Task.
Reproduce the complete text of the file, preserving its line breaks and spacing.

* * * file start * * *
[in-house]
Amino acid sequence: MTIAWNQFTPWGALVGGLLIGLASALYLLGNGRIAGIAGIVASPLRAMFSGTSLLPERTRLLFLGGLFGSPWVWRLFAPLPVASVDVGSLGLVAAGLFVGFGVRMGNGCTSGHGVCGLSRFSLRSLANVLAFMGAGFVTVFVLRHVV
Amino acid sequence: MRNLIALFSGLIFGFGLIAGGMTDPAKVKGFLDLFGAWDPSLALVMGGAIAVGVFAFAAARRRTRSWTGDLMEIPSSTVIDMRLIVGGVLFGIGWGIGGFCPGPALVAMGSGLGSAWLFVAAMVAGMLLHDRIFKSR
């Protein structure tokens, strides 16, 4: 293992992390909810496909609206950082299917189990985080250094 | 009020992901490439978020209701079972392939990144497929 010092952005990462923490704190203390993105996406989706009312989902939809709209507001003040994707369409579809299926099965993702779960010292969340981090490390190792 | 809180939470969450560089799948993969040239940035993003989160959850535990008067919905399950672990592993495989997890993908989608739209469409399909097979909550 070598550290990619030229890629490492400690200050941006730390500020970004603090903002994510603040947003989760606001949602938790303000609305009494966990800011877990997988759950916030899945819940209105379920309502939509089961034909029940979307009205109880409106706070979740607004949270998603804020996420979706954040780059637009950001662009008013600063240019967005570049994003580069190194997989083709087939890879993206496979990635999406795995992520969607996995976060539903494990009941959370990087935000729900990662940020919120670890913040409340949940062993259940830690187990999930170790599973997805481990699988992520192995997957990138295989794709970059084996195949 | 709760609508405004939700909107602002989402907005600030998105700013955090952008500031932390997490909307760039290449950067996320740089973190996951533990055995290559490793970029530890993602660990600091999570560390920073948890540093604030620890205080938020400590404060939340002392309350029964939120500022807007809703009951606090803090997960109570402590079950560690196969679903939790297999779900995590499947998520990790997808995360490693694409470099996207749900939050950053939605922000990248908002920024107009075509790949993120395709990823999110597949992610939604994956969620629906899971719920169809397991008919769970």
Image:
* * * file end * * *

[in-house]
Amino acid sequence: MTIAWNQFTPWGALVGGLLIGLASALYLLGNGRIAGIAGIVASPLRAMFSGTSLLPERTRLLFLGGLFGSPWVWRLFAPLPVASVDVGSLGLVAAGLFVGFGVRMGNGCTSGHGVCGLSRFSLRSLANVLAFMGAGFVTVFVLRHVV
Amino acid sequence: MRNLIALFSGLIFGFGLIAGGMTDPAKVKGFLDLFGAWDPSLALVMGGAIAVGVFAFAAARRRTRSWTGDLMEIPSSTVIDMRLIVGGVLFGIGWGIGGFCPGPALVAMGSGLGSAWLFVAAMVAGMLLHDRIFKSR
């Protein structure tokens, strides 16, 4: 293992992390909810496909609206950082299917189990985080250094 | 009020992901490439978020209701079972392939990144497929 010092952005990462923490704190203390993105996406989706009312989902939809709209507001003040994707369409579809299926099965993702779960010292969340981090490390190792 | 809180939470969450560089799948993969040239940035993003989160959850535990008067919905399950672990592993495989997890993908989608739209469409399909097979909550 070598550290990619030229890629490492400690200050941006730390500020970004603090903002994510603040947003989760606001949602938790303000609305009494966990800011877990997988759950916030899945819940209105379920309502939509089961034909029940979307009205109880409106706070979740607004949270998603804020996420979706954040780059637009950001662009008013600063240019967005570049994003580069190194997989083709087939890879993206496979990635999406795995992520969607996995976060539903494990009941959370990087935000729900990662940020919120670890913040409340949940062993259940830690187990999930170790599973997805481990699988992520192995997957990138295989794709970059084996195949 | 709760609508405004939700909107602002989402907005600030998105700013955090952008500031932390997490909307760039290449950067996320740089973190996951533990055995290559490793970029530890993602660990600091999570560390920073948890540093604030620890205080938020400590404060939340002392309350029964939120500022807007809703009951606090803090997960109570402590079950560690196969679903939790297999779900995590499947998520990790997808995360490693694409470099996207749900939050950053939605922000990248908002920024107009075509790949993120395709990823999110597949992610939604994956969620629906899971719920169809397991008919769970």
Image: